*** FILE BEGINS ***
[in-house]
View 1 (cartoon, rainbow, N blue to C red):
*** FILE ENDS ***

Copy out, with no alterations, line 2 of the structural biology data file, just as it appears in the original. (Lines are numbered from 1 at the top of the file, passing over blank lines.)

View 1 (cartoon, rainbow, N blue to C red):